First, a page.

Kenan Fellows Partner with Charlotte Nonprofit to Bring Aquaponics Curriculum to Middle School Students

CHARLOTTE — Kenan Fellows, Jennifer Keeler and Morgan Beldon, are interning at 100 Gardens, a Charlotte nonprofit that implements aquaponics gardening programs in schools, institutions, and communities of need through on-site greenhouses that provide opportunities for hands-on learning.

“Aquaponics is a method of farming that raises freshwater fish and vegetables together. The fish create the nutrients for the vegetables through their waste, and the vegetables return clean water back to the fish,” Keeler said. “Sam Fleming, the executive director, is extremely passionate about 100 Gardens and has been a great mentor throughout this process.”

Drawing from the knowledge gained during their internships, the 2020-21 Kenan Fellows are creating a four-week unit for grades sixth through eighth that includes a series of lessons in which the students examine and reflect on their experiences of working inside the greenhouse as well as learning about nutrition. The cross-curricular unit is tied to literacy, math, science, and health standards and can be used at any school that has an aquaponics system or partners with 100 Gardens.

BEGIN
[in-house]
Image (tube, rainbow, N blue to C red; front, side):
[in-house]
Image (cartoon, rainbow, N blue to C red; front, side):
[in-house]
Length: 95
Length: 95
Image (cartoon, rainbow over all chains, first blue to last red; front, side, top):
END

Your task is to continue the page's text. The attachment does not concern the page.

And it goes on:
”This has been an invaluable opportunity. I’m a Language Arts teacher by trade, so the opportunity to think outside of my typical box when planning lessons and to challenge myself when constructing the curriculum has been a daunting, but fun task,” Beldon said. “Working with such a community-centered organization has also been a huge gift.”

The curriculum will be piloted at Bonnie Cone Classical Academy, where Keeler and Beldon teach, as a bridge to close the summer learning gap. The charter school in Mecklenburg County is in its second year. Once the program has been designed, schools will be able to choose whether they wish to implement the curriculum as a summer program, during aquaponics classes throughout the school year, or as an after-school program.

“The credit truly goes to Jennifer and Morgan. I have shown them several of our greenhouses and one of our indoor aquaponics systems and they have taken all the information I have given them and ran with it,” Fleming said. “They are very creative and open to new ideas. We are very excited to see the final product and to continue working with them.”

Keeler said her biggest takeaway has been observing the hands-on learning that happens when schools partner with 100 Gardens and the connections that students make when they grow and eat their own healthy foods.

“I feel extremely grateful and lucky that we are able to work with Sam on this project. Before learning about our internship, I knew very little about 100 Gardens and aquaponics, I did not know that having an indoor greenhouse at our school would even be possible,” Keeler said. “This is going to be an amazing opportunity for our students and families, and I can’t wait to get them all involved.”

This project was made possible by a grant from the NC ACCESS Program.